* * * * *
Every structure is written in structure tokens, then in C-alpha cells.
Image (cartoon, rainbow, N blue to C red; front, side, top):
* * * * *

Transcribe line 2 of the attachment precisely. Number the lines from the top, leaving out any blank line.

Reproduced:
Image (cartoon, rainbow, N blue to C red; front, side, top):